Early Steam-engines.

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Early Steam-engines.

The revolution in textiles and metallurgy, roads and canals, took, as we have seen, some sixty or seventy years.

For the first half of this period either hand power or water power was the rule; as, indeed, they always had been.

But all the while inventors here and there were experimenting with the new and untried force of steam, and in the late seventies and eighties of the eighteenth century it began to come into its own.

Far back in 1697 a Frenchman, Papin, had already harnessed steam to drive a piston; but the principle he worked on was really that of atmospheric pressure, the steam only forming the necessary vacuum, and he never constructed a practical machine.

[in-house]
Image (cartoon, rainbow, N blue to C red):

In 1712 Neweomen invented the steam pump, whose adoption was to go a long way towards solving the difficulties of the mining industry; indeed, by 1778 the practicable depth for a mine was calculated to have doubled.

This pump, too, worked on the vacuum principle, and was enormously costly in fuel.

What next? The Age Of Bad Roads.


The earliest machines were made of wood, and wood indeed was quite suitable for appliances to be worked by hand or by water power.

The movement towards mechanization did not, as it would nowadays, cause an immediate expansion in the metal trades.

But the army had always needed cannon, and the threatened exhaustion of timber supplies had already prompted at least one attempt, partially successful, to use coal for ironfounding. During the first twenty years of the eighteenth century two founders, Abraham Darby and his son, used coke at their works at Coalbrookdale; but they kept the process... see: Ironfounding

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